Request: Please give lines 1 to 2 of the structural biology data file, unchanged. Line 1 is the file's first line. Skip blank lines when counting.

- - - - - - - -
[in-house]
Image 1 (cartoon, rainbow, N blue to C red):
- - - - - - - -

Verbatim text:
[in-house]
Image 1 (cartoon, rainbow, N blue to C red):